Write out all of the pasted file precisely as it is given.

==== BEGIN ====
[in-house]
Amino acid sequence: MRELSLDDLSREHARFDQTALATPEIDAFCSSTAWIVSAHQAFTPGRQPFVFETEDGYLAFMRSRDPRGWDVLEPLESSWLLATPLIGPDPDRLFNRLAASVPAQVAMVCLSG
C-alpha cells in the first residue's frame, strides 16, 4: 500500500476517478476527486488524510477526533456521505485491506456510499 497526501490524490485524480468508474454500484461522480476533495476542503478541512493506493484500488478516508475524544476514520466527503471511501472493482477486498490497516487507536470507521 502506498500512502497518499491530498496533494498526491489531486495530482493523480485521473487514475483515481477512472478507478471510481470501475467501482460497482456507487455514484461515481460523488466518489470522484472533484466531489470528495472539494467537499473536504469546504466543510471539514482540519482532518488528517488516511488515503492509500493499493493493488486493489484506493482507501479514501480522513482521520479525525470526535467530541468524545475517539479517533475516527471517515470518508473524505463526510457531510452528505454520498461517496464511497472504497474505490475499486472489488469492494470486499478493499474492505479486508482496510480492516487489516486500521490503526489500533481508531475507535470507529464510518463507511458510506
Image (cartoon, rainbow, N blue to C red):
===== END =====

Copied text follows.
[in-house]
Amino acid sequence: MRELSLDDLSREHARFDQTALATPEIDAFCSSTAWIVSAHQAFTPGRQPFVFETEDGYLAFMRSRDPRGWDVLEPLESSWLLATPLIGPDPDRLFNRLAASVPAQVAMVCLSG
C-alpha cells in the first residue's frame, strides 16, 4: 500500500476517478476527486488524510477526533456521505485491506456510499 497526501490524490485524480468508474454500484461522480476533495476542503478541512493506493484500488478516508475524544476514520466527503471511501472493482477486498490497516487507536470507521 502506498500512502497518499491530498496533494498526491489531486495530482493523480485521473487514475483515481477512472478507478471510481470501475467501482460497482456507487455514484461515481460523488466518489470522484472533484466531489470528495472539494467537499473536504469546504466543510471539514482540519482532518488528517488516511488515503492509500493499493493493488486493489484506493482507501479514501480522513482521520479525525470526535467530541468524545475517539479517533475516527471517515470518508473524505463526510457531510452528505454520498461517496464511497472504497474505490475499486472489488469492494470486499478493499474492505479486508482496510480492516487489516486500521490503526489500533481508531475507535470507529464510518463507511458510506
Image (cartoon, rainbow, N blue to C red):